2. Juno -- As far as comedies go, Juno was executed to almost perfection from its sharply written script by newcomer Diablo Cody to the tight direction by Jason Reitman. It's harder than most people realize to make smart comedy, and Reitman does comedy very, very well. From his earlier short films (especially Consent) to his first feature Thank You for Smoking, Reitman has set out to prove that good comedy can also be good filmmaking, and with Juno he exceeds his freshman effort and ups the ante for what comedic films should be. In a year heavy with serious dramas and an abundance of depressing Iraq war flicks, Juno was the leaven that lightened it all up a bit, and it's one of the few films this year that I can watch repeatedly and never tire of.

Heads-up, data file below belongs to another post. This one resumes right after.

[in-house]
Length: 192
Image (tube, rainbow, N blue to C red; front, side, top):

The rest of the Ten, after the jump ...
3. Zodiac -- David Fincher's film about the Zodiac killer was one of the most under-appreciated films of the year. This film is riveting and flawlessly put together, with a set that was an exact reproduction of the real San Francisco Chronicle during the time of the story and outstanding performances by a great cast including Jake Gyllenhaal and Robert Downey Jr., and I was deeply disappointed that it pretty much tanked at the box office. It was well-received critically, though, and perhaps its appearance on several end-of-year lists will compel folks to check it out on DVD.